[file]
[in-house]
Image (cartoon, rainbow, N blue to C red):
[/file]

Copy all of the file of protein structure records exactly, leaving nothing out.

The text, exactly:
[in-house]
Image (cartoon, rainbow, N blue to C red):